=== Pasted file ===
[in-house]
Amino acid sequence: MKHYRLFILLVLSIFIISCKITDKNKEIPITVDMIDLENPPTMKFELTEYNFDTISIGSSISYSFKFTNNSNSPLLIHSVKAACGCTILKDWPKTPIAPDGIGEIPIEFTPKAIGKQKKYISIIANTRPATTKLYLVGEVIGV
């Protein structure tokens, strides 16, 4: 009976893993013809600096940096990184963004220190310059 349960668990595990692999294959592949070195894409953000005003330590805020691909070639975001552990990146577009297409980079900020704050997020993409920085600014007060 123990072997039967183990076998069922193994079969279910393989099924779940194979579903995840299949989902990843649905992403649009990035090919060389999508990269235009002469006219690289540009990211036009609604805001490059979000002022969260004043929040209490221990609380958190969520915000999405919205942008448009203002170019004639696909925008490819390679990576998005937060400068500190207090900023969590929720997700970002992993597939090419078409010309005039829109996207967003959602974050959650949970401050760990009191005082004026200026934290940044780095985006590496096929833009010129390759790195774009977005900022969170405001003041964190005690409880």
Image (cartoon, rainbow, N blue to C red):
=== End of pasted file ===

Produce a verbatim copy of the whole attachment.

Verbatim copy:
[in-house]
Amino acid sequence: MKHYRLFILLVLSIFIISCKITDKNKEIPITVDMIDLENPPTMKFELTEYNFDTISIGSSISYSFKFTNNSNSPLLIHSVKAACGCTILKDWPKTPIAPDGIGEIPIEFTPKAIGKQKKYISIIANTRPATTKLYLVGEVIGV
């Protein structure tokens, strides 16, 4: 009976893993013809600096940096990184963004220190310059 349960668990595990692999294959592949070195894409953000005003330590805020691909070639975001552990990146577009297409980079900020704050997020993409920085600014007060 123990072997039967183990076998069922193994079969279910393989099924779940194979579903995840299949989902990843649905992403649009990035090919060389999508990269235009002469006219690289540009990211036009609604805001490059979000002022969260004043929040209490221990609380958190969520915000999405919205942008448009203002170019004639696909925008490819390679990576998005937060400068500190207090900023969590929720997700970002992993597939090419078409010309005039829109996207967003959602974050959650949970401050760990009191005082004026200026934290940044780095985006590496096929833009010129390759790195774009977005900022969170405001003041964190005690409880």
Image (cartoon, rainbow, N blue to C red):